Researchers call for a change in treating sleep apnea

Researchers call for a change in treating sleep apnea
Nearly half of all sleep apnea sufferers receiving treatment will give up on their CPAP machines
Nearly half of all sleep apnea sufferers receiving treatment will give up on their CPAP machines
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Nearly half of all sleep apnea sufferers receiving treatment will give up on their CPAP machines
Nearly half of all sleep apnea sufferers receiving treatment will give up on their CPAP machines

Sleep apnea is estimated to affect 30 million Americans, comparable to diabetes, but it can be incredibly difficult to treat, even more so given that devices used to alleviate it are abandoned by nearly half of those diagnosed. It’s also recently been linked to a greater risk of developing Alzheimer’s disease and related dementia conditions, plus other serious health concerns like cardiovascular disease and stroke.

Traditionally, the condition is first treated with a Continuous Positive Airway Pressure (CPAP) machine, which was invented in Australia in 1980 and led to the development of the BiPAP a decade later, providing life-saving medical intervention.

However, a team of researchers has questioned the treatment, highlighting how CPAP, which is much more affordable than the BiPAP system, isn’t effective for many sleep apnea sufferers and a more personalized approach to therapy could be far more beneficial long-term.

“Rather than everyone first trying CPAP – for whom we know at least 50% will fail – we flipped the model on its head and gave everyone a dental splint in the first instance,” said Danny Eckert, professor and director at the Adelaide Institute for Sleep Health: Flinders Health and Medical Research Institute Sleep Health Research Program. “This tends to be much better tolerated than CPAP, though it is less efficacious overall, as it works in about 50% of people.”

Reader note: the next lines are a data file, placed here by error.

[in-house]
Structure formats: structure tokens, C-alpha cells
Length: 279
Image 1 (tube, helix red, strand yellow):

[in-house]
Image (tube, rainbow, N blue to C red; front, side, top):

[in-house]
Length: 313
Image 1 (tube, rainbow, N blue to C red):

Eckert highlights the difficulties of treating sleep apnea, which generally requires the use of a breathing device or a dental splint. Both have a high rate of abandonment due to the stress caused. The failure rate of CPAP devices has been shown to be a huge hurdle in being able to effectively treat this serious sleep condition.

While not abandoning CPAP as crucial treatment, the researchers are urging for a broader approach to therapy, and informing patients of their options.

“We found that if the dental device alone was insufficient, we added extra treatments – and this combination of therapies fixed almost all the 50% of the remaining patients,” said Eckert. “We then added alternate and emerging therapies such as oxygen therapy, and novel medications informed by the findings of a detailed sleep study that we did which tells us exactly why each person gets their OSA (Obstructive Sleep Apnea).”

This approach could help empower sleep apnea sufferers to manage their condition better, and help those with other concerns such as anxiety, which may be amplified by using a CPAP device.

“If this combination approach didn’t fully work, we then gave CPAP, but only as a last resort,” said Eckert. “Using this new approach, we were able to treat almost all participants and only a few required CPAP.

“Essentially, we believe this outlines a whole new way of treating sleep apnea.”

While there have been inroads into novel treatments, most are still works in progress.

The research was published in the journal Annals of the American Thoracic Society

Source: Flinders University

Most CPAP users who fail tend to do so quite early in their treatment. I, myself had a bad reaction when I first used one (in a sleep lab)- I was unable to breathe properly and tore it off. Subsequently, I was able to adapt and have been very happy with CPAP since.

I have a bit of advice for new users: When you get your CPAP, don't try to use it when you go to bed as the first trial- instead, I recommend you sit in your easy chair and try to take a nap in the afternoon- you will more easily adapt while you are awake, and gradually get used to it. I have told this to several people, and they report more success.
Rick O
I recently restarted CPAP therapy, after trying it 15 years ago. I've had sinus and throat surgery to help with apnea, which helped marginally. I tried the dental device, but with no noticeable results, and waking up with my teeth hurting like hell for at least 3/4 of the day, I gave up on that one. Last time I tried CPAP, the "nasal pillows" they insisted that I use instead of a full face mask, caused my mouth to open randomly through the night, taking my breath away and waking me up violently. I would rip the device off my face and throw it aside, out of half asleep rage. I quit using it and sent it back.